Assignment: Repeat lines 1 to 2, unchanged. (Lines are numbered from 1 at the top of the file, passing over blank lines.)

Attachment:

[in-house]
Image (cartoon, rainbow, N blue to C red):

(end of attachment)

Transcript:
[in-house]
Image (cartoon, rainbow, N blue to C red):